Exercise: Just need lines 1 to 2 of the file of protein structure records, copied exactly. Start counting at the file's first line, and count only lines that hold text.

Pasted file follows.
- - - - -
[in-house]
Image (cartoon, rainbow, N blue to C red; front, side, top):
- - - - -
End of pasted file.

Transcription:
[in-house]
Image (cartoon, rainbow, N blue to C red; front, side, top):